What are the Parts of an Oil Furnace?

Oil furnaces use fuel oil pumped from a tank to burn and produce heat.

Oil Burner

Oil furnaces have some different parts than a natural gas or propane burning furnace, and are easily identifiable. It is important to know these parts for general knowledge and troubleshooting purposes. .

Oil burning furnaces have the burner mostly on the exterior of the furnace due to its size. The blast tube goes into the heat exchanger where a mist of fuel oil is sprayed from a hose that goes to the tip of the blast tube called the nozzle. The nozzle contains electrodes which ignite the mist of fuel oil. The oil burner has a motor on it that is side mounted. This pumps oil into the nozzle as well as operates the fan that blows air across the flame and moves the air through the heat exchanger and through the exhaust system. One common issue with oil burners is clogged openings of the fan housing. Make sure these are free of debris, because the fan needs the air circulation to keep the brushes from overheating. If the furnace is calling for heat and the burner is not igniting, the ignition transformer that sends an electrical charge to the electrodes in the nozzle may be bad. This is located on the top of the burner. If it is extremely hot or loose, this may need to be replaced.

Barometric Damper

The barometric damper is a damper with a small weight on it that is normally closed when the furnace is off. When the furnace kicks on, the damper opens to suck in extra air to aid in the exhaust process. This damper is very important to prevent carbon monoxide buildup inside the home. Barometric dampers can get stuck open once in a while. Simply move it back and forth a few times to loosen up the damper.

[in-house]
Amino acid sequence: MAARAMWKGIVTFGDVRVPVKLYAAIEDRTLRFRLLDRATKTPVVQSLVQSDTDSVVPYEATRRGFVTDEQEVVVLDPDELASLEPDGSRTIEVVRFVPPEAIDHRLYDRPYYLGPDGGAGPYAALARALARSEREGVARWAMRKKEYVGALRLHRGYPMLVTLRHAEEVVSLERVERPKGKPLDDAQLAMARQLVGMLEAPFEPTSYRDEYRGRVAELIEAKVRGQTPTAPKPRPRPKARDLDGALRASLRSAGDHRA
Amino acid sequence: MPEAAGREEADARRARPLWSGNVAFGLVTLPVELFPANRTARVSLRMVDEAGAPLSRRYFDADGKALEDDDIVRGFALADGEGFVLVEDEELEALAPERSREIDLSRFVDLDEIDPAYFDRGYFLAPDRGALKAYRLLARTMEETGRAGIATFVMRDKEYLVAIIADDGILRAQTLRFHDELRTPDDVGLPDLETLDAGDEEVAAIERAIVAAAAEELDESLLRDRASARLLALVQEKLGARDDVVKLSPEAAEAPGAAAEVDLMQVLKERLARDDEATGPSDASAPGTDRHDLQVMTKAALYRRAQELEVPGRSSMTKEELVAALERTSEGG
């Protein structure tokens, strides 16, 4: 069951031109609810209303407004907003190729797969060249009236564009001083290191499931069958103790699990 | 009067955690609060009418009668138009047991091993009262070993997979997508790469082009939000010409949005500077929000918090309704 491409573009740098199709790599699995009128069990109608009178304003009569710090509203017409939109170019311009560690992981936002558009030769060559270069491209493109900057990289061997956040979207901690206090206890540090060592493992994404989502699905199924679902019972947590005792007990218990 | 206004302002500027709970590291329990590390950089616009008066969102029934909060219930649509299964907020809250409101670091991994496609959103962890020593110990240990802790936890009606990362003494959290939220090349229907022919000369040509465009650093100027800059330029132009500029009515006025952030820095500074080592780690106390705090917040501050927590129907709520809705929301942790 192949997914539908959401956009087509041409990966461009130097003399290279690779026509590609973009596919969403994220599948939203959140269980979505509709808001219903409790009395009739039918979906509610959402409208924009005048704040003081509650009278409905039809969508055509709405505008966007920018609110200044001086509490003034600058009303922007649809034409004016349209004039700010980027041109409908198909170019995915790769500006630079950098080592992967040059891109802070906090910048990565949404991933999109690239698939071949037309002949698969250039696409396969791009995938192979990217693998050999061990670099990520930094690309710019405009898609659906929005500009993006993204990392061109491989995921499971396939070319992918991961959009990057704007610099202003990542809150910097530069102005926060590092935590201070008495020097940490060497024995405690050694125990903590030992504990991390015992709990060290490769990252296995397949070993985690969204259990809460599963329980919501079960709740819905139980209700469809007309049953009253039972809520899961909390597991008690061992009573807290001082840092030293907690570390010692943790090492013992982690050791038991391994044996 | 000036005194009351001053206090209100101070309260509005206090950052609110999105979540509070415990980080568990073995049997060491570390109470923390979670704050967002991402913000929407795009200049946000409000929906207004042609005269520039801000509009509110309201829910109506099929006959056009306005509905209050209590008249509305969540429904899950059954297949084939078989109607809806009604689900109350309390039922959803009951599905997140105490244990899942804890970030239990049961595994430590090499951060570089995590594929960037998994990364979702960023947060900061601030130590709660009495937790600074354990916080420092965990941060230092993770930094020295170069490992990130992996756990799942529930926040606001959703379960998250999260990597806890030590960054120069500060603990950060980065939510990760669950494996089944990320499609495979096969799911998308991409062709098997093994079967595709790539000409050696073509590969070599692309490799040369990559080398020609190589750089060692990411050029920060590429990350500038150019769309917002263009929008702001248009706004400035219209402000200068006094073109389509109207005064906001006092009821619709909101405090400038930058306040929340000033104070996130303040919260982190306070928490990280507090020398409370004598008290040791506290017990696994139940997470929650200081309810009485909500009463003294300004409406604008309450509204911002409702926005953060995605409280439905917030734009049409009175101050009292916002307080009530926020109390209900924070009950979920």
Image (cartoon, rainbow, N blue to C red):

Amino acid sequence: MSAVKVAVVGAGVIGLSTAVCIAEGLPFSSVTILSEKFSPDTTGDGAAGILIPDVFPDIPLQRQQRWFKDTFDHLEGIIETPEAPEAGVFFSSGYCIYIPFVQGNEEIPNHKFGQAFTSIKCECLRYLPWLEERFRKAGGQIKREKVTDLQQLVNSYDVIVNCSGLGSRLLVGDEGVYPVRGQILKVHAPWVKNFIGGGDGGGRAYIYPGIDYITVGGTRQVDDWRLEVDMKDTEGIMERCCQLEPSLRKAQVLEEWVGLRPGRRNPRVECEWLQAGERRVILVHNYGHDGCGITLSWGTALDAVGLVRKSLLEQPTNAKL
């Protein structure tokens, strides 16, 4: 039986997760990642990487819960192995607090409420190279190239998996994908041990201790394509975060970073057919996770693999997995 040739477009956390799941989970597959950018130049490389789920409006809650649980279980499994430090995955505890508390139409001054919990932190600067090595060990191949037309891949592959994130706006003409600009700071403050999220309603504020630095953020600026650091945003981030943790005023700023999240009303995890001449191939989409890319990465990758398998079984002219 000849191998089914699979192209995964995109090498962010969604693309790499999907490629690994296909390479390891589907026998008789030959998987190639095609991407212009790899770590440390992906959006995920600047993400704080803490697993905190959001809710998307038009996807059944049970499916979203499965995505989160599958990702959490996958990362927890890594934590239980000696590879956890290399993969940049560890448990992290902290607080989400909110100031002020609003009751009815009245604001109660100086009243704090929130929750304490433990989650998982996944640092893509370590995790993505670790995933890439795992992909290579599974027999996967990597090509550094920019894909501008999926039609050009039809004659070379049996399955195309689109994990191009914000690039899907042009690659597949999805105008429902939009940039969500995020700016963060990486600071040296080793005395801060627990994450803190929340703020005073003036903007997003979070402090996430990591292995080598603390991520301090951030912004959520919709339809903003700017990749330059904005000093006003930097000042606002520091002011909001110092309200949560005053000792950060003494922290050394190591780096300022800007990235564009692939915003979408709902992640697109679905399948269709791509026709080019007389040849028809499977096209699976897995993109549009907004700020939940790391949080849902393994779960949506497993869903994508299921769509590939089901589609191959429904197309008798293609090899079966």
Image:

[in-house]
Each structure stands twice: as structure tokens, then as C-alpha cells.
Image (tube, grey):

Inspection Port

Even though all furnaces have an area where you can inspect the heat exchanger, none are like an oil furnace. Because the heat exchanger get so hot, the inspection port is actually a metal cover that simply slides up, or is a peep port, meaning that there is a round metal piece that covers the port and has a screw in the top. To open the port, simply push it to the side. This is not recommended when the furnace is going, because flames and sparks can shoot out of the inspection port.

About the Author

Adam Yeomans has been writing professionally since 2010, with his work appearing on websites such as eHow. He works in the construction industry as a builder and as an energy efficiency consultant.